New Negro Artists in Paris: African American Painters and Sculptors in the City of Light, 1922-1934

Article excerpt

Theresa Leininger-Miller. New Negro Artists in Paris: African American Painters and Sculptors in the City of Light, 1922-1934. New Brunswick: Rutgers University Press, 2000. 320 pp., 20 color ills., 12o b/w. $60, $32 paper.

Art historians have come to insist upon the importance of African American cultural influences in the shaping of modernism and American art. The literary, musical, and artistic accomplishments of the Harlem Renaissance in Manhattan, and the performances of Josephine Baker in Paris frequently act as flash points in this discussion. However, few art historians have taken on the necessary archival and theoretical tasks of tracing and assessing the lives and works of African American artists beyond these well-worn examples of modern interracial exchange. Further, the discussion often presumes a one-way influence, too often leaving behind African American art and artists after the moment of contact. In her New Negro Artists in Paris:African American Pointers and Sculptors in the City of Light, (922-1934, Theresa Leininger-Miller bravely assumes these undertakings, and smartly reconsiders African American art of the inter-war period as something more than a tourist attraction or modernist inspiration. The book-which should attract readers interested in Americar art history, as well as in the history of international modernism-provides ample evidence for the multidirectionality of cultural influence and change in the hustle and bustle of the early twentieth century.

Organized as a series of individual arthistorical biographies thick with archival labor, the text is distinguished by being at once broad in historical scope and keenly-- even intimately-detailed. Offering historical reconstructions of their experiences abroad, Leininger-Miller's survey includes the sculptors Elizabeth Prophet and Augusta Savage, the painters Palmer Hayden, Hale Woodruff, and Archibald Motley, and the printmaker Albert Alexander Smith. The author describes their struggles to maintain financial stability, their reactions to French modern art, their indulgences in urban diversions, but, above all, their artistic practices while in France. Each artist worked according to different aesthetic principles and had widely varying experiences during their Parisian visits.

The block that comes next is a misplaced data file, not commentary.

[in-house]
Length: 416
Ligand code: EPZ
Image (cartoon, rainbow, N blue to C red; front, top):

Leininger-Miller has chosen to focus on the twelve years between 1922 and 1934-- coincident with the so-called Harlem Renaissance.' Interwar Harlem and the presence of Leininger-Miller's artists abroad are not unrelated historical subjects: black artists owed their opportunity to travel in large part to the growth in white Americans' interest in African American culture, from which the popularity of Harlem nightlife also stemmed. Such historical concern with the issue of patronage comprises the crux of the book and also determined the study's end date of 1934, when the Depression discouraged the artists' financial backers, and Parisian exhibitions of black American art declined conspicuously.

By virtue of its extensive documentation, New Negro Artists in Paris raises more questions than it claims to answer. Calling her book "clearly an initial study, subject to revision and expansion" (xxii), Leininger-- Miller offers her work as a remedy to the paucity of historical documentation of African American artists. Flagging certain routes of inquiry along the way-such as French pan-Africanism and the black French response to African American artists-the author generously and hopefully leaves such ventures to later studies.

A trip to France had of course long figured as a requisite pilgrimage for budding American artists. While expectations of France's cultural offerings shifted throughout the nineteenth and into the twentieth century, a stay in Paris persisted as the optimal foundation of an artist's development until the 1930s, when empty pockets, nationalist sentiments, and government sponsorship kept artists more firmly rooted in the American scene. …